The debate has heated up in recent years due to states’ attempts to expand the definition of what kinds of business activities and connections constitute ‘nexus’ (the requirement under the US constitution that taxpayers have a sufficient connection or link to a state, to give the state authority to impose tax or a collection or filing responsibility).
As online retailers have expanded their share of the retail market, states have a sense that there is significant revenue that is going un-taxed – and shallow state coffers want their share of the revenue.
States’ abilities to require remote sellers to collect sales and use tax are limited by the physical presence requirement set forth in Quill Corp. v. North Dakota. This is a 1992 US Supreme Court decision that examined whether a state could require an out-of-state seller, whose only activity in the state was soliciting sales, to collect use tax on the sales it made to in-state customers.
As a result of the growth in online sales, states are calling for the end of Quill’s physical presence requirement through a federal legislative solution. Under the powers granted to it in the Commerce Clause, Congress can decide when and to what extent states can burden interstate commerce and require sellers not physically located within their borders to collect and remit tax.
The Streamlined Sales and Use Tax Agreement (SSUTA) has brought together 24 states to adopt uniform definitions and adhere to streamlined sales and use tax administrative procedures, in exchange for remote sellers’ voluntary collection and remittance of tax. But many argue that the SSUTA’s impact is limited given that none of the ’big’ states (e.g. California, Illinois, New York, and Texas) are members.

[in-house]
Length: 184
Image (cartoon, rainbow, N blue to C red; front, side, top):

Every year since 2001, legislation has been proposed in Congress to get rid of Quill and allow states to require remote sellers to collect and remit sales and use tax but generally the bills have not progressed. In a recent session, Congress considered three bills: Marketplace Fairness Act (S. 1832), Marketplace Equity Act (H.R. 3179) and Main Street Fairness Act (S. 1452). The bills, while similar in purpose, differ regarding an exemption for small businesses, required membership in the SSUTA, vendor compensation and telecommunications taxes.
The matter has received recent attention in the popular press and there is a sense that the legislation is closer to passing in Congress than ever before. In an effort to move the issue forward by the end of the year, the Marketplace Fairness Act (S. 1832) was added as an amendment to a small-business jobs bill in July 2012 and a hearing was held in a Senate subcommittee in August 2012. Similarly, the Marketplace Equity Act was heard in a full committee in July 2012. All the bills are still pending in their houses of origination, and any new developments will continue to be monitored closely.